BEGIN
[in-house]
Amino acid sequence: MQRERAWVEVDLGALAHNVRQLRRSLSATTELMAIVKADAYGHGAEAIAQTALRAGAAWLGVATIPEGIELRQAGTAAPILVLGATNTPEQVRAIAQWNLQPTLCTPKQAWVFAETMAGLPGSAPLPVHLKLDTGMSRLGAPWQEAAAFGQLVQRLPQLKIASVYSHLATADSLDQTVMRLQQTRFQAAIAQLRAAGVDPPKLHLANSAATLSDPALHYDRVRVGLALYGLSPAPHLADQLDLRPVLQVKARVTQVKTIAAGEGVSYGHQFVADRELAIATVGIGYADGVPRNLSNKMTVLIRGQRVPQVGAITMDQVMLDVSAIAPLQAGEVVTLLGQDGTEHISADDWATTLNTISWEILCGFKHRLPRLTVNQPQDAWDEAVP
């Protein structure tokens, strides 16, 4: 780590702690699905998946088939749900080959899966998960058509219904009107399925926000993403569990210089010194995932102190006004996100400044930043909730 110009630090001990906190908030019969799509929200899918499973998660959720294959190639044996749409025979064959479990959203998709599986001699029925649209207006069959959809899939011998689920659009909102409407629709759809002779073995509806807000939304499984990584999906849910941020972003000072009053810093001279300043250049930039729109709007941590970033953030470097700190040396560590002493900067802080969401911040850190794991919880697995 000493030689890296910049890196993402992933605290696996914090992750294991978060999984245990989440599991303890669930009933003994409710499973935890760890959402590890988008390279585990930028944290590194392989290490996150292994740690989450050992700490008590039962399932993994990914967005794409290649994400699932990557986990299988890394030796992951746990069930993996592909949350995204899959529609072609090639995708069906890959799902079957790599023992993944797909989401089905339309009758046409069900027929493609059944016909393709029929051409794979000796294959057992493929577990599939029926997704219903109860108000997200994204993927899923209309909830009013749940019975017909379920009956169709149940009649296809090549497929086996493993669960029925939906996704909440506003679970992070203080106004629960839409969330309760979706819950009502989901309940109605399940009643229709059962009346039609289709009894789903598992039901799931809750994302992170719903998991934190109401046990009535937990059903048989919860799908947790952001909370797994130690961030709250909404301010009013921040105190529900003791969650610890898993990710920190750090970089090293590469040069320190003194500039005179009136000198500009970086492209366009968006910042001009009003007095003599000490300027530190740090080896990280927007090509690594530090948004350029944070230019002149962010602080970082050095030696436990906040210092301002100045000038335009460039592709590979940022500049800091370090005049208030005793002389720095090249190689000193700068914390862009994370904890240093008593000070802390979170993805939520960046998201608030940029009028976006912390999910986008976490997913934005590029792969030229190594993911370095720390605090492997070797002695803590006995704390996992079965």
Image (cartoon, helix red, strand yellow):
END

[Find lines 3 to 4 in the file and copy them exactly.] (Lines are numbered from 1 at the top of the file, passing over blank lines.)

């Protein structure tokens, strides 16, 4: 780590702690699905998946088939749900080959899966998960058509219904009107399925926000993403569990210089010194995932102190006004996100400044930043909730 110009630090001990906190908030019969799509929200899918499973998660959720294959190639044996749409025979064959479990959203998709599986001699029925649209207006069959959809899939011998689920659009909102409407629709759809002779073995509806807000939304499984990584999906849910941020972003000072009053810093001279300043250049930039729109709007941590970033953030470097700190040396560590002493900067802080969401911040850190794991919880697995 000493030689890296910049890196993402992933605290696996914090992750294991978060999984245990989440599991303890669930009933003994409710499973935890760890959402590890988008390279585990930028944290590194392989290490996150292994740690989450050992700490008590039962399932993994990914967005794409290649994400699932990557986990299988890394030796992951746990069930993996592909949350995204899959529609072609090639995708069906890959799902079957790599023992993944797909989401089905339309009758046409069900027929493609059944016909393709029929051409794979000796294959057992493929577990599939029926997704219903109860108000997200994204993927899923209309909830009013749940019975017909379920009956169709149940009649296809090549497929086996493993669960029925939906996704909440506003679970992070203080106004629960839409969330309760979706819950009502989901309940109605399940009643229709059962009346039609289709009894789903598992039901799931809750994302992170719903998991934190109401046990009535937990059903048989919860799908947790952001909370797994130690961030709250909404301010009013921040105190529900003791969650610890898993990710920190750090970089090293590469040069320190003194500039005179009136000198500009970086492209366009968006910042001009009003007095003599000490300027530190740090080896990280927007090509690594530090948004350029944070230019002149962010602080970082050095030696436990906040210092301002100045000038335009460039592709590979940022500049800091370090005049208030005793002389720095090249190689000193700068914390862009994370904890240093008593000070802390979170993805939520960046998201608030940029009028976006912390999910986008976490997913934005590029792969030229190594993911370095720390605090492997070797002695803590006995704390996992079965």
Image (cartoon, helix red, strand yellow):